Mathematica 9 is now available
Services & Resources / Wolfram Forums / MathGroup Archive
-----

MathGroup Archive 2008

[Date Index] [Thread Index] [Author Index]

Search the Archive

Re: Re: Solve's Strange Output

  • To: mathgroup at smc.vnet.net
  • Subject: [mg89124] Re: [mg89096] Re: Solve's Strange Output
  • From: Andrzej Kozlowski <akoz at mimuw.edu.pl>
  • Date: Mon, 26 May 2008 01:31:47 -0400 (EDT)
  • References: <g1avr4$fev$1@smc.vnet.net> <200805251027.GAA22888@smc.vnet.net>

On 25 May 2008, at 19:27, Szabolcs wrote:

> On May 25, 9:09 am, Bruce Colletti <bwcolle... at verizon.net> wrote:
>> Re 6.0.2 under WinXP.
>>
>> This code's output is strange:  what does 0.-7.9424 g mean?  Ditto  
>> for=
> all values returned by Solve.
>>
>> Thankx.
>>
>> Bruce
>>
>> {x[0],y[0]}={10.5,6.08};
>> {x[1],y[1]}={3.23,14.4};
>> {x[2],y[2]}={18,12.7};
>> m=16.1;
>>
>> Solve[{a+c==0,b+d==m*g,d(x[2]-x[0])==c(y[2]-y[0]),a(y[1]-y[0])=
> ==b(x[1]-x[0])},{a,b,c,d}]
>>
>> Out[11]= {{a->0.-7.9424 g,b->0.+9.08951 g,c->0.+7.9424 g,d- 
>> >0.+7.01049 g=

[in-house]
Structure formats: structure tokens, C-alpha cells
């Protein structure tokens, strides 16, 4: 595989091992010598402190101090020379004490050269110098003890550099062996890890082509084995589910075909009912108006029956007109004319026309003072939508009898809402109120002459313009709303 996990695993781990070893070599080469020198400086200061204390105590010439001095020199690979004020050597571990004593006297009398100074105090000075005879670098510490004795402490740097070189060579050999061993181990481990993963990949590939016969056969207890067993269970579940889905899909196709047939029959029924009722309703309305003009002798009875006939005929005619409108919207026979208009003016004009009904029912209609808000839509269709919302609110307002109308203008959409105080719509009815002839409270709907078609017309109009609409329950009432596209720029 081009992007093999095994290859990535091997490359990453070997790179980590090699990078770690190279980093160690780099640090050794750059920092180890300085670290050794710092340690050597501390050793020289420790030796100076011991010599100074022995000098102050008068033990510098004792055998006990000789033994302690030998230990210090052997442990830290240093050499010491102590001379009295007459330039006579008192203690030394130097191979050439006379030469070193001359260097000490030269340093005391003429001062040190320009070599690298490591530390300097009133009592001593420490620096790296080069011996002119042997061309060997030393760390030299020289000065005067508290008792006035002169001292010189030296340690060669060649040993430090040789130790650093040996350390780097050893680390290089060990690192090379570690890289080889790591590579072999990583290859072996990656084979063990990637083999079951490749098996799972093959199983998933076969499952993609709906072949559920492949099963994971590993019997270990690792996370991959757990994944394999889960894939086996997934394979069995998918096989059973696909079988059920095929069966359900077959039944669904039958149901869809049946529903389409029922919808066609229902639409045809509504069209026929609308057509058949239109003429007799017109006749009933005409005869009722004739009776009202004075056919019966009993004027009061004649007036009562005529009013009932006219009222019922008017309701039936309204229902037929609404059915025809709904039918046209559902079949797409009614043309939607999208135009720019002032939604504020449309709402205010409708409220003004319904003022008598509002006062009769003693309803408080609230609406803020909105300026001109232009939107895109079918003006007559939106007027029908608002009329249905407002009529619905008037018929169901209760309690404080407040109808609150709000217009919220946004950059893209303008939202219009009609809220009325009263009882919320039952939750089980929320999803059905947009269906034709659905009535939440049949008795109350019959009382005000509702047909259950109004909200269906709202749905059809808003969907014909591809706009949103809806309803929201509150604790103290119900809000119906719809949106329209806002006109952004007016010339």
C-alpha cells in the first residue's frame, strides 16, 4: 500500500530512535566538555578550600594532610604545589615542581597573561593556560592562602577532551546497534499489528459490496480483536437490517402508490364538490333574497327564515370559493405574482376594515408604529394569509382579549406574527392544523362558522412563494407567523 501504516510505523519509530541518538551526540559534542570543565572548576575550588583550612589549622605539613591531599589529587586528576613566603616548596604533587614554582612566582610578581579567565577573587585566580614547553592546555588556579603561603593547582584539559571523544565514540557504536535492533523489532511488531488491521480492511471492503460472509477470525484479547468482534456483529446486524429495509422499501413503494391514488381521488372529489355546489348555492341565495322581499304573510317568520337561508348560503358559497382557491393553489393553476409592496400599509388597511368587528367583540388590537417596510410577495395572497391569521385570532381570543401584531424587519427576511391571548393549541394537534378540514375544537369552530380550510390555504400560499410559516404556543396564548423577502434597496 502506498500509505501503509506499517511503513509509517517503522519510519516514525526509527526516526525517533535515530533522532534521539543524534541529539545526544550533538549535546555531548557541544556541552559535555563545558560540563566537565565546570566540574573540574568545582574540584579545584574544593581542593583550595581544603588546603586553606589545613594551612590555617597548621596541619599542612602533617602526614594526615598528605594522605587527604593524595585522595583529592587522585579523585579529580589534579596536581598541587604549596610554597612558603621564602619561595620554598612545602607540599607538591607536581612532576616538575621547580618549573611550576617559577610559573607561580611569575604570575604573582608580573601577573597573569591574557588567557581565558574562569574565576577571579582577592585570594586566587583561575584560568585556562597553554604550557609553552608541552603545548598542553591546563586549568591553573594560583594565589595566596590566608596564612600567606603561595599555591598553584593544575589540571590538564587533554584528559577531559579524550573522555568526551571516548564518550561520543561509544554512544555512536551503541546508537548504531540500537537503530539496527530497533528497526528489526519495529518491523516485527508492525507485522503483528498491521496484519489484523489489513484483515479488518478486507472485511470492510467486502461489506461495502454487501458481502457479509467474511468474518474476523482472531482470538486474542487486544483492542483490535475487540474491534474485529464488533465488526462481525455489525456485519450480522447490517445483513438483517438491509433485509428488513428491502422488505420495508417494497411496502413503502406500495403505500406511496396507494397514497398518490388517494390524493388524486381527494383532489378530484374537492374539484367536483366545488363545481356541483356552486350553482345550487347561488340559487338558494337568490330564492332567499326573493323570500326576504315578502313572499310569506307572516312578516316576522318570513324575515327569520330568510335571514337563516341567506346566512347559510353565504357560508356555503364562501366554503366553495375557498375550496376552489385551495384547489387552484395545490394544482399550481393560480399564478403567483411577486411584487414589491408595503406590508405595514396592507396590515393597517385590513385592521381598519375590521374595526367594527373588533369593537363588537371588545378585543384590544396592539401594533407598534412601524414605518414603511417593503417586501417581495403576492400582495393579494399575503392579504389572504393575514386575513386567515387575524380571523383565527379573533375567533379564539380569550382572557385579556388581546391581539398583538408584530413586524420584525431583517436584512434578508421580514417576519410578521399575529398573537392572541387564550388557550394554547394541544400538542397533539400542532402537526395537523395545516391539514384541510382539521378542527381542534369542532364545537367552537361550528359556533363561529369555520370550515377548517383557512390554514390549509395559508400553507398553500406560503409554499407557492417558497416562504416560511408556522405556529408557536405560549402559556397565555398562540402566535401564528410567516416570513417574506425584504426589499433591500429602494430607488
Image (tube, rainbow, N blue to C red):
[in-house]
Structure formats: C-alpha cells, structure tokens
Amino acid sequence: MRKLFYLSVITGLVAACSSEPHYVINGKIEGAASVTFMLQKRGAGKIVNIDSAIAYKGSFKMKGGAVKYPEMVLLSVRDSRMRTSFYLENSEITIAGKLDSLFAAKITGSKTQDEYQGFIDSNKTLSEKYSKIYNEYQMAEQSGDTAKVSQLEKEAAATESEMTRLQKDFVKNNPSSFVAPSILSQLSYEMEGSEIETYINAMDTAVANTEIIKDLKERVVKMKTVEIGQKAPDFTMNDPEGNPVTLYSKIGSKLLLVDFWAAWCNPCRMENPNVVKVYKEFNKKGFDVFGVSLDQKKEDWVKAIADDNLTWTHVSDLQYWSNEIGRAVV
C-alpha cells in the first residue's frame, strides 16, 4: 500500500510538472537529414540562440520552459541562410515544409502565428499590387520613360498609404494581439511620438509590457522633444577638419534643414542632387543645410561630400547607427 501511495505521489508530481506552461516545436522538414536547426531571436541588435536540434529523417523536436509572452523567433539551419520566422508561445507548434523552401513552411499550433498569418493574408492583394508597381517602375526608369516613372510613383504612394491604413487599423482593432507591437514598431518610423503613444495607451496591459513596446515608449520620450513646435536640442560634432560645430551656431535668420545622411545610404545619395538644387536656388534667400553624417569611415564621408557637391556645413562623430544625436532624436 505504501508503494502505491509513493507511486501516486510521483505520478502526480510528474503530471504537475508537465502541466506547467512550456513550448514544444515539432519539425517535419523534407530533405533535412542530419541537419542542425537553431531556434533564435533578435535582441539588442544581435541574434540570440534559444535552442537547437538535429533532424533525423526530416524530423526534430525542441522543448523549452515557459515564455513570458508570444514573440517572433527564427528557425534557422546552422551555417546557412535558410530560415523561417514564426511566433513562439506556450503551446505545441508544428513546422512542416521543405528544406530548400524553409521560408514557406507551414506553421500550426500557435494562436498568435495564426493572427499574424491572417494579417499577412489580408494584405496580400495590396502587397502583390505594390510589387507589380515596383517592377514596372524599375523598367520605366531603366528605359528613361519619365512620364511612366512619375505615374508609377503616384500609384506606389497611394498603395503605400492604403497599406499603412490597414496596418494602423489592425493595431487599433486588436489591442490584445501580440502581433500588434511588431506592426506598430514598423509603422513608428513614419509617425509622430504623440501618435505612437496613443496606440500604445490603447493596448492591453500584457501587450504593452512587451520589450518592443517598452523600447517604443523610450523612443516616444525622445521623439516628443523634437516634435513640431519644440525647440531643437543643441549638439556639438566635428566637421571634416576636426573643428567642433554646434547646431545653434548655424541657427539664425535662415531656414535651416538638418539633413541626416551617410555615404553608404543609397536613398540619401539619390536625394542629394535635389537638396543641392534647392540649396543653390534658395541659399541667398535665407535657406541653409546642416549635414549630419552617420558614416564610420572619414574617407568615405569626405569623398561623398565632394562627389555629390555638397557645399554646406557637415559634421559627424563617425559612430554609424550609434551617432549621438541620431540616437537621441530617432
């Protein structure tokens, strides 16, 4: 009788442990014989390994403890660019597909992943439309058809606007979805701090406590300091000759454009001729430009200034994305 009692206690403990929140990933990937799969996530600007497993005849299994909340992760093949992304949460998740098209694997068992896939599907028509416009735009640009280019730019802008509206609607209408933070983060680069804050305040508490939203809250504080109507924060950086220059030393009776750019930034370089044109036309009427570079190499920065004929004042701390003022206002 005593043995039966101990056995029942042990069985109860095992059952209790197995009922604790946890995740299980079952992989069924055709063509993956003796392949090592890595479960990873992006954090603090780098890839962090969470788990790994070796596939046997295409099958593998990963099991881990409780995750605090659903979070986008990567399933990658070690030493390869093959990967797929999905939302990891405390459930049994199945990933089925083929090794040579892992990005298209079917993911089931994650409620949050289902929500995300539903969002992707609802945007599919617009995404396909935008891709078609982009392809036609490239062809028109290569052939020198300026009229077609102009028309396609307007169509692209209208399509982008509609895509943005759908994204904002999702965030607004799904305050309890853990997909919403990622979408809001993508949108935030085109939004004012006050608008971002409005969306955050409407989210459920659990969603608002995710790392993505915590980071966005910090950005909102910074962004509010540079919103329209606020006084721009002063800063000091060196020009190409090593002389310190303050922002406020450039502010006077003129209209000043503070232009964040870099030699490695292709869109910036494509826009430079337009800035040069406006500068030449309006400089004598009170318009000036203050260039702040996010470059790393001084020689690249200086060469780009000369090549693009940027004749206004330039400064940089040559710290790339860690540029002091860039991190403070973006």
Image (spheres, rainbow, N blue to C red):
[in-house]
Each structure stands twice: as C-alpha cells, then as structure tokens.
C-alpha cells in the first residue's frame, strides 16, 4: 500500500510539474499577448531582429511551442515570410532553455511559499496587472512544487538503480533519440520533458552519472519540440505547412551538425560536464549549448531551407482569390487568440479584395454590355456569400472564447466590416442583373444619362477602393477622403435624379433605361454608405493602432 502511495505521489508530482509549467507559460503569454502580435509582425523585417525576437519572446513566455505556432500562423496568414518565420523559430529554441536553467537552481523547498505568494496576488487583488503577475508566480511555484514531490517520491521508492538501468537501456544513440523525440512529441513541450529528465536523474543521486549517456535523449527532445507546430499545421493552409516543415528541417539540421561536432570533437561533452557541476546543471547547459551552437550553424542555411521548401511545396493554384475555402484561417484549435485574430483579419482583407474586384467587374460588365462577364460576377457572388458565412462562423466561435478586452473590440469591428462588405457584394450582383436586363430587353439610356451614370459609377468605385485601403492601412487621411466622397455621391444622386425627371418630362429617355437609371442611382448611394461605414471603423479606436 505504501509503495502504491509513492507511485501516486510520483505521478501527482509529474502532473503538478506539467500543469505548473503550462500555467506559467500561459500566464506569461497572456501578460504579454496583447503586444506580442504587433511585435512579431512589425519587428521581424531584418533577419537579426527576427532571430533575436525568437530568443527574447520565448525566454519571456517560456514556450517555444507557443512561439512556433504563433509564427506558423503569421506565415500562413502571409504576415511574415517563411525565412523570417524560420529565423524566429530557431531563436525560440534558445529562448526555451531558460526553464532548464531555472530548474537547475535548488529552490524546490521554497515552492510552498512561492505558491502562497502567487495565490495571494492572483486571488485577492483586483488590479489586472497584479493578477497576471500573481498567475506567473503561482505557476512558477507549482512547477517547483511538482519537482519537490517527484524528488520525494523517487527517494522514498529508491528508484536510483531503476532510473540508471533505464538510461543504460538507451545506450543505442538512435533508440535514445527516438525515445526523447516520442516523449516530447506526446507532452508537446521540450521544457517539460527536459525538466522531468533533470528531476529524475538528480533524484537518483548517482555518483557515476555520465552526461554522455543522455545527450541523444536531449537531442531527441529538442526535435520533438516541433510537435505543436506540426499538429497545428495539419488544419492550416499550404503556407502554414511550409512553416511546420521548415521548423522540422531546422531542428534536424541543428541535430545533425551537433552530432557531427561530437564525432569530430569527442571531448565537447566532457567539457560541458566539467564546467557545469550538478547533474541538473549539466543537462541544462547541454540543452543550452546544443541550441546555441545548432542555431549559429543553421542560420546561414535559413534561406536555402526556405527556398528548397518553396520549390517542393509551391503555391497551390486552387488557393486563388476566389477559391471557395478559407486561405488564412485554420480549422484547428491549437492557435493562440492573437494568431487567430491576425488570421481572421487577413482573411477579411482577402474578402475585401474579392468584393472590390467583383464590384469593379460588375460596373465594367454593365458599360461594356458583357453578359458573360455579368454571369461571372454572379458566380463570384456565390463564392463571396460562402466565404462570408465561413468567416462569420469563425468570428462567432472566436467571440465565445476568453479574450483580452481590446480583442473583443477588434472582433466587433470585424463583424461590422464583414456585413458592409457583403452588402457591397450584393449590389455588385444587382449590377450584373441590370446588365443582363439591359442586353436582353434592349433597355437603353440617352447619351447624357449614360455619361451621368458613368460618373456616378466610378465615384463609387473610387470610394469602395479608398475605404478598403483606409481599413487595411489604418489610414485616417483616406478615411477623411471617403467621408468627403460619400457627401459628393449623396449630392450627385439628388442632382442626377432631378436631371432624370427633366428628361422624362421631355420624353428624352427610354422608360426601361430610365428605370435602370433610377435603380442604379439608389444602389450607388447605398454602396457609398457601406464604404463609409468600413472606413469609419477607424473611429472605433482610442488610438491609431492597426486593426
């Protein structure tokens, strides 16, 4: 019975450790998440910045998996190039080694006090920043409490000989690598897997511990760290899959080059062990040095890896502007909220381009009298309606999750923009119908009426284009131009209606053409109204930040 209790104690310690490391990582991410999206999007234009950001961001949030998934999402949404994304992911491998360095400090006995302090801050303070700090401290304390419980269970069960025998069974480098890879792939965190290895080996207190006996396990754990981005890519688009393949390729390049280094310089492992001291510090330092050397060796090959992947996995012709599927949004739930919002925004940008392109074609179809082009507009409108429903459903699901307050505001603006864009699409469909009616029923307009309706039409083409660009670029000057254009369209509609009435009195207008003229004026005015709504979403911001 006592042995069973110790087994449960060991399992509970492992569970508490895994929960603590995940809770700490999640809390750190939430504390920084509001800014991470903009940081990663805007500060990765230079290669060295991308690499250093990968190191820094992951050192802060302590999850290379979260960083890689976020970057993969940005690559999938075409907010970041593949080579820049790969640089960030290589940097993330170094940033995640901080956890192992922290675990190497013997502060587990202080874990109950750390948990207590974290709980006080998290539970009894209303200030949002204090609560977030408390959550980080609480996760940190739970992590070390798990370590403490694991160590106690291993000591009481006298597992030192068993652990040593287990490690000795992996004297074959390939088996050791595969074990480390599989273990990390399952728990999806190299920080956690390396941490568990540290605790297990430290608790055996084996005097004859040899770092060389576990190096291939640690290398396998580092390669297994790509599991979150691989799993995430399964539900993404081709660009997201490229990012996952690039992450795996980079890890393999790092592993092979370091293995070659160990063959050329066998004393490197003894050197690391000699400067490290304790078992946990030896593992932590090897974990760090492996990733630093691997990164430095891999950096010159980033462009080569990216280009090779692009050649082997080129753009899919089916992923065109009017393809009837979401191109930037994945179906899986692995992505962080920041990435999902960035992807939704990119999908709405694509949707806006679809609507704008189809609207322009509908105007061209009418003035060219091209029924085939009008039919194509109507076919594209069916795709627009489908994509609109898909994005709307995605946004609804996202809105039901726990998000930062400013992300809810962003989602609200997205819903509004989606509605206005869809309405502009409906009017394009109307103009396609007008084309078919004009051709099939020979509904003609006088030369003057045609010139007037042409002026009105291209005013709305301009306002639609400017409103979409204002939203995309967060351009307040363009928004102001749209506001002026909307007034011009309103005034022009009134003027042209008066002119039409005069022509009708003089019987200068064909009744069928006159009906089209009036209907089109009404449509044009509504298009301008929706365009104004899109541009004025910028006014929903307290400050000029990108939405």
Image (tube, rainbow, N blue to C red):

> }}
>
> It has been mentioned many times that using Solve with inexact numbers
> invites trouble.  Though in this specific case nothing bad happens, it
> is better to Rationalize the numbers before solving:
>
> Solve[Rationalize[{a + c == 0, b + d == m*g,
>   d (x[2] - x[0]) == c (y[2] - y[0]),
>   a (y[1] - y[0]) == b (x[1] - x[0])}], {a, b, c, d}]
>
> 0 is not the same as 0.0.  The latter is an inexact zero (we only know
> that it is closer to 0 than $MinMachineNumber), so Mathematica does
> not simplify 0. + g.
>


The advice not to mix symbolic algebraic methods with approximate  
numbers is a sound one in general, but in this particular case no  
serious symbolic algebra is involved, so one can simply apply Chop to  
the answer returned by Solve:

Chop[Solve[{a + c == 0, b + d == m*g,
        d*(x[2] - x[0]) == c*(y[2] - y[0]),
        a*(y[1] - y[0]) == b*(x[1] - x[0])},
      {a, b, c, d}]]
{{a -> -7.942397088866652*g, b -> 9.089510836227038*g,
      c -> 7.942397088866652*g, d -> 7.010489163772964*g}}

In more complicated situations the alternative to rationalizing is to  
use NSolve, which can be very much faster and is intended for dealing  
with algebraic-numeric issues:

Chop[NSolve[{a + c == 0, b + d == m*g, d*(x[2] - x[0]) ==
          c*(y[2] - y[0]), a*(y[1] - y[0]) == b*(x[1] - x[0])}, {a, b,  
c, d}]]
{{a -> -7.942397088866652*g, b -> 9.089510836227038*g,
      c -> 7.942397088866652*g, d -> 7.010489163772964*g}}

  but of course in this very simple case it makes not difference which  
method we use.

Andrzej Kozlowski

Andrzej Kozlowski







  • Prev by Date: Re: No Show
  • Next by Date: Re: No Show
  • Previous by thread: Re: Solve's Strange Output
  • Next by thread: Re: Re: Solve's Strange Output